What should I watch for?
This drug may make you feel generally unwell. This is not uncommon, as chemotherapy can affect healthy cells as well as cancer cells. Report any side effects. Continue your course of treatment even though you feel ill unless your doctor tells you to stop.
Call your doctor or health care professional for advice if you get a fever, chills or sore throat, or other symptoms of a cold or flu. Do not treat yourself. This drug decreases your body's ability to fight infections. Try to avoid being around people who are sick.
This medicine may increase your risk to bruise or bleed. Call your doctor or health care professional if you notice any unusual bleeding.
Be careful brushing and flossing your teeth or using a toothpick because you may get an infection or bleed more easily. If you have any dental work done, tell your dentist you are receiving this medicine.
Do not become pregnant while taking this medicine. Women should inform their doctor if they wish to become pregnant or think they might be pregnant. There is a potential for serious side effects to an unborn child. Talk to your health care professional or pharmacist for more information. Do not breast-feed an infant while taking this medicine.
Men should inform their doctors if they wish to father a child. This medicine may lower sperm counts.
Interactions with Medications
Along with its needed effects, a medicine may cause some unwanted effects. Although not all of these side effects may occur, if they do occur they may need medical attention.
Check with your doctor or nurse immediately if any of the following side effects occur:
Arm, back, or jaw pain
black, tarry stools
blood in the urine or stools
chest pain or discomfort
chest tightness or heaviness
cough or hoarseness
coughing or spitting up blood
fast or irregular heartbeat
fever or chills
general feeling of discomfort or illness
lower back or side pain
painful, burning, or difficult urination
pinpoint red spots on the skin
shortness of breath
sores, ulcers, or white spots on the lips or in the mouth
stomach pain, severe
tender, swollen glands in the neck
thickening of bronchial secretions
unusual bleeding or bruising
unusual tiredness or weakness
vomiting of blood or material that looks like coffee grounds
decreased urine output
difficulty in breathing or swallowing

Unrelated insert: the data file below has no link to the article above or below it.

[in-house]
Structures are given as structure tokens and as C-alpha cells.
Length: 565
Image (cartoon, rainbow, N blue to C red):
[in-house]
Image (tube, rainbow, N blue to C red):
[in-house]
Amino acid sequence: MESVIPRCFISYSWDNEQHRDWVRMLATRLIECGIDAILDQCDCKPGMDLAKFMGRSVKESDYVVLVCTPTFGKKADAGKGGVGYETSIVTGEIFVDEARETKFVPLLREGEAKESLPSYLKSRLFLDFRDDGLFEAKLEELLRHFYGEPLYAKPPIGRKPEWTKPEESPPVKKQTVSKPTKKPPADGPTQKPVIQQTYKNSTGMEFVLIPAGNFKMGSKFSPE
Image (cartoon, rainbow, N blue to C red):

dilated neck veins
fast, pounding, or irregular heartbeat or pulse
increased menstrual flow or vaginal bleeding
loss of hearing
numbness or tingling in the fingers, toes, or face
pain, redness, or swelling in the arm or leg
prolonged bleeding from cuts
sudden and severe inability to speak
weakness in the arm or leg on one side of the body, sudden and severe
loss of appetite
loss of consciousness
lower abdominal cramping
puffiness or swelling of the eyelids or around the eyes, face, lips, or tongue
rapid, deep breathing
trouble speaking, thinking, or walking
yellow eyes or skin
Some side effects may occur that usually do not need medical attention. These side effects may go away during treatment as your body adjusts to the medicine. Also, your health care professional may be able to tell you about ways to prevent or reduce some of these side effects. Check with your health care professional if any of the following side effects continue or are bothersome or if you have any questions about them:
body aches or pain
burning, crawling, itching, numbness, prickling, “pins and needles”, or tingling feelings
difficulty in moving
dry mouth or throat
flushed, dry skin
frequent urge to urinate
fruit-like breath odor
muscle aching or cramping
muscle pains or stiffness
trouble in swallowing
bluish color of skin
changes in skin color
decrease in height
difficulty in sleeping
feeling sad or empty
gaseous abdominal pain
loss of interest or pleasure
pain or tenderness around the eyes and cheekbones
Other side effects not listed may also occur in some patients. If you notice any other effects, check with your healthcare professional.
Call your doctor for medical advice about side effects. You may report side effects to the FDA at 1-800-FDA-1088.